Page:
Most Americans Think Lying About Money Is As Bad as Cheating
While most of us think of infidelity as just one thing, a new survey finds that 54% of polled say financial infidelity can be just as bad as cheating.
Talking about finances in a relationship can be awkward, difficult, and uncomfortable. Talking about budgets, spending habits, or debt can lead to frustration and downright arguing. But one thing you should apparently never do is lie about finances — at least according to a new survey.
An new survey commissioned by Forbes Advisor and conducted by Prolific, a market research company, found that 54% of poll respondents said financial infidelity can be just as bad as cheating. The study also found that not only is financial lying damaging to a relationship — it’s also common problem.
The online survey polled 1,000 adults in the United States, collected on January 11, 2023, with debt statistics pulled from Experian.
Despite people feeling so strongly about financial lying, 35% of adults admitted to lying to a partner about their money. The survey found that the lies were most commonly either about a purchase (49%) or debt (37%), and that women are more likely to lie about their savings than men, but men are more likely to lie about investments than women.
The reasons for lying vary, too, with 35% of those surveyed saying they lie because they feel shame about mishandling money, while 32% lie to avoid arguing, with 40% feel like they had to lie to keep their relationship.
“Financial infidelity is more common than people may realize and can be just as violating and hurtful as romantic infidelity,” consumer finance and budgeting expert Andrea Woroch told Forbes Advisor. “Considering that [the majority] of couples fight over money, there’s a lot of room for financial cheating, especially when one person in a relationship feels pressure to spend less or is dealing with a problematic financial issue such as gambling or a shopping addiction.”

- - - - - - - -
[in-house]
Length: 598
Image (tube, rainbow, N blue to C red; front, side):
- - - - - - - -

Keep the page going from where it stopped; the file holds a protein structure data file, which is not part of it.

Talking about money and finances isn’t always the easiest conversation to have with your partner. However, this isn’t the first survey that hints at how damaging not being truthful about finances can be or a partnership. These conversations don’t have to be hard, but they do need to be had.
Getting on the same page about your finances, including defining major purchases, setting financial goals, being realistic about your assets and debt, and defining priorities, are essential, ongoing conversations that are a major part of maintaining a healthy partnership.
You can check out the full results of the survey on Forbes Advisor.